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Denver Enters into the City’s First-Ever Energy Performance Contract

The City and County of Denver this week entered into its first-ever energy performance contract (EPC) with Ameresco, Inc., an Energy Service Company (ESCO) pre-qualified by the Colorado Energy Office.

Denver’s EPC includes 88 energy efficiency improvements to 14 of the city’s most energy intensive buildings, including four recreation centers, four libraries, three fire stations, and the 911 Call Center. These improvements are guaranteed to create energy savings averaging 17 percent for all 14 buildings, with four of the buildings expected to cut their energy use by over 30 percent. Through these improvements, the city is guaranteed to save over $2.4 million in the first 15 years. The city will begin realizing savings within the first year. Strategic Initiatives Director, Dionne Williams, will oversee the EPC for the city.

“This contract is an important and surefire way for the city to make progress toward its 2020 Sustainability Goals. We are grateful to our partners for their commitment to helping Denver save money and energy” said Denver’s Executive Director of General Services, Adrienne Benavidez. Denver’s 2020 Sustainability Goals include a goal of reducing energy consumed by city-operated buildings and vehicles by 20 percent.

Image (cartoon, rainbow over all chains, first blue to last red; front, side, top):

Ameresco will implement various energy improvements to a building or group of buildings and guarantees projected energy savings through a highly regulated measurement and verification process. Any projected savings that are not attained are covered by the vendor. “Ameresco is delighted to be a partner in this first energy performance contracting project undertaken by the City and County of Denver, and believes that this project will contribute measurably to CCD’s efficiency and sustainability goals,” said Shawn McMillin, Senior Account Executive for Ameresco, Inc.

Targeting some of the city’s biggest energy users for efficiency improvements will help Denver move closer to achieving its 2020 energy goals reduce utility and maintenance costs and improve the comfort of city facilities.

EPCs have been used as a strategy for improving energy efficiency for more than 30 years, and there are currently more than 29 municipalities in Colorado that have executed an EPC.